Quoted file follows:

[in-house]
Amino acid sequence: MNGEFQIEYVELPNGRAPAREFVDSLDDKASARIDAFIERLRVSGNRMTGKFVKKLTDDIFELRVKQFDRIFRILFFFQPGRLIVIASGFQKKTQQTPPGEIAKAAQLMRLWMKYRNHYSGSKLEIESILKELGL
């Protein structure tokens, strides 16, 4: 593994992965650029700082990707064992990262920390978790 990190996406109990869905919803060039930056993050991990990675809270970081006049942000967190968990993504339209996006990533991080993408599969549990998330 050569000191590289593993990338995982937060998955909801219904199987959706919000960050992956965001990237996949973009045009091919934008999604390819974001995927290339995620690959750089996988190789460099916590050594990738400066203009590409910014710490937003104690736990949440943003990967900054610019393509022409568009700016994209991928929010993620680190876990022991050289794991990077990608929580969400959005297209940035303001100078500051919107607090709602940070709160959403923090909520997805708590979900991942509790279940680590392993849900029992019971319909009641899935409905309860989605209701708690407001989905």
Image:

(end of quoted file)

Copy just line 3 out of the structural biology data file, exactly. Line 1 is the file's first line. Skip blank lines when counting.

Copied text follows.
């Protein structure tokens, strides 16, 4: 593994992965650029700082990707064992990262920390978790 990190996406109990869905919803060039930056993050991990990675809270970081006049942000967190968990993504339209996006990533991080993408599969549990998330 050569000191590289593993990338995982937060998955909801219904199987959706919000960050992956965001990237996949973009045009091919934008999604390819974001995927290339995620690959750089996988190789460099916590050594990738400066203009590409910014710490937003104690736990949440943003990967900054610019393509022409568009700016994209991928929010993620680190876990022991050289794991990077990608929580969400959005297209940035303001100078500051919107607090709602940070709160959403923090909520997805708590979900991942509790279940680590392993849900029992019971319909009641899935409905309860989605209701708690407001989905």